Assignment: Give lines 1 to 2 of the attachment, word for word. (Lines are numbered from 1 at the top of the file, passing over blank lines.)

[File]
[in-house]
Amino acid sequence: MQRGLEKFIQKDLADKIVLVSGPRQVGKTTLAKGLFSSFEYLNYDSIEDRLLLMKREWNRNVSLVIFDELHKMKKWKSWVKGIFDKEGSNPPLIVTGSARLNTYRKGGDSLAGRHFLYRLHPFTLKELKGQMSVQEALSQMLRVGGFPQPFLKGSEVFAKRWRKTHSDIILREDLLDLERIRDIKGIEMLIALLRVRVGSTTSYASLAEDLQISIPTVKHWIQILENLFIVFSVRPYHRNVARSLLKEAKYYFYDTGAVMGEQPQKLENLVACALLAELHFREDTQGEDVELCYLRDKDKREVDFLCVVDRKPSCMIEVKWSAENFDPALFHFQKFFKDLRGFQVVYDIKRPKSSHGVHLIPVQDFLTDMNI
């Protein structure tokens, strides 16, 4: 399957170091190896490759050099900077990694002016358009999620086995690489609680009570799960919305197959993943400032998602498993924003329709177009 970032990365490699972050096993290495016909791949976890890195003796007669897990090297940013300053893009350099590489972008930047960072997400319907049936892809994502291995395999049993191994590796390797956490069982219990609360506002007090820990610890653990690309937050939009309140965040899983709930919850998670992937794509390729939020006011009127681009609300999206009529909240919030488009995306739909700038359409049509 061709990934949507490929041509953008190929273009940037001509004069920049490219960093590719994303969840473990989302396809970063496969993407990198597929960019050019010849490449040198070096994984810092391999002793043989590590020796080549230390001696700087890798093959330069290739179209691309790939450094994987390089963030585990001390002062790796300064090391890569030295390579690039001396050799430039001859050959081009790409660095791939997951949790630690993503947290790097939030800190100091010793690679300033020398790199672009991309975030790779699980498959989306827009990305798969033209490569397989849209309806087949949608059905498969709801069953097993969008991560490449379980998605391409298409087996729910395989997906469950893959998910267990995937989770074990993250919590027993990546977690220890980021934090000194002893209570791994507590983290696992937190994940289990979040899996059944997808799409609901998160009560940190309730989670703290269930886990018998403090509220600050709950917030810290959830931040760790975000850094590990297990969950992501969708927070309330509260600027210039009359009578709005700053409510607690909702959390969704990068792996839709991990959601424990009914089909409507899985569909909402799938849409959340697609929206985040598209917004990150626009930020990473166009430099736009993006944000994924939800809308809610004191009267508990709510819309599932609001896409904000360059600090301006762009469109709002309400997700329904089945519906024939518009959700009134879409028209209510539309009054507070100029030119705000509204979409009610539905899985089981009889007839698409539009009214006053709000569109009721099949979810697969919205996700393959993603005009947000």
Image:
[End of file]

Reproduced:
[in-house]
Amino acid sequence: MQRGLEKFIQKDLADKIVLVSGPRQVGKTTLAKGLFSSFEYLNYDSIEDRLLLMKREWNRNVSLVIFDELHKMKKWKSWVKGIFDKEGSNPPLIVTGSARLNTYRKGGDSLAGRHFLYRLHPFTLKELKGQMSVQEALSQMLRVGGFPQPFLKGSEVFAKRWRKTHSDIILREDLLDLERIRDIKGIEMLIALLRVRVGSTTSYASLAEDLQISIPTVKHWIQILENLFIVFSVRPYHRNVARSLLKEAKYYFYDTGAVMGEQPQKLENLVACALLAELHFREDTQGEDVELCYLRDKDKREVDFLCVVDRKPSCMIEVKWSAENFDPALFHFQKFFKDLRGFQVVYDIKRPKSSHGVHLIPVQDFLTDMNI